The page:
The Bridge Housing proposal included 203 units of affordable housing as well as 162 market rate housing units, 238 parking stalls, and 30,000 square feet of ground-floor retail. As many as 90 housing units will be affordable to households earning less than 30 percent of the Median Family Income ($24,250 or below for a family of four), thanks to a commitment from Home Forward to dedicate 80 rent assistance vouchers to the project, including 10 for homeless veterans.

“We are very happy to be moving forward with Bridge to bring such a significant amount of deeply affordable housing to one of our most amenity-rich areas,” said Commissioner Dan Saltzman, who oversees PHB. “We are especially excited about the mix of two- and three-bedroom units proposed by the Bridge team, which will allow more children and families to benefit from the great livability and opportunities of the South Waterfront.”

PDC Executive Director Patrick Quinton said, “To have Bridge Housing Corporation pursue this opportunity, with its long history of affordable housing projects on the West Coast, speaks to the overall strength of the Portland market and South Waterfront in particular. I am confident this project will add to the vibrancy and energy of this area.”

PDC, PHB and the Bridge Housing team will now enter into a due diligence and negotiation phase, with the goal of reaching a purchase and sale agreement on the property. The total project cost is estimated at $93 million, with at least $19 million of that coming from urban renewal funds.

Construction Begins on Drug and Alcohol-Free Housing Project

Miracles Central breaks ground in Northeast Portland.

Close to 80 people gathered in Northeast Portland Tuesday afternoon to celebrate the groundbreaking of the Miracles Central Apartment building. The collaboration between the Portland Housing Bureau, Central City Concern, and the Miracles Club will provide affordable housing combined with services for adults who wish to live in an alcohol and drug-free building. The model is based on the Miracles Club Apartments, a similar building on NE Martin Luther King Jr. Blvd, specializing in culturally competent recovery support for the African American community.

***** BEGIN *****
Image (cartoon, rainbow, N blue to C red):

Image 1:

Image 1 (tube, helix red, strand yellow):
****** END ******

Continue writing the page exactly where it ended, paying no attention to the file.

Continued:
“The stability that comes with an affordable home is key for people who are committed to recovery and who are working toward a new start,” said Commissioner Dan Saltzman, who oversees the Portland Housing Bureau. “This project helps us bring affordable housing and critical services back into this community. The City is proud to offer its partnership and support.” 

Michael Booker, Interim Executive Director of The Miracles Club said, “With this building, somebody will get a chance to get their first apartment, get a chance to stand on their own two feet, do their recovery and be accountable.”

With an expected completion date of July 2016, the Miracles Central Apartments will consist of 47 units of affordable housing, including 28 apartments affordable to lower-income households earning up to 50% of the area median income ($25,750 for an individual). Central City Concern and Miracles Club will use the building’s ground floor for program-related services, including meetings and counseling. On-site staff will help tenants with life-skills, employment readiness, and eviction prevention, and work closely with tenants to develop action plans that may include steps like workforce development or education. 

The Portland Housing Bureau dedicated $7.1 million in capital funding toward plus the land. Other major funders include Oregon Housing & Community Services, National Equity Fund and JP Morgan Chase. Also contributing to the project are Banner Bank, The Collins Foundation, Downtown Development Group, Federal Home Loan Bank of Des Moines, Legacy Health Systems, Mitzvah Fund of the Oregon Community Foundation, Providence Health & Services, UnitedHealthcare, and USI Northwest.

Multicultural Development Group is the project developer with Guardian Real Estate Services LLC leading the project, Carleton Hart Architecture is the lead architect and LMC Construction is the general contractor.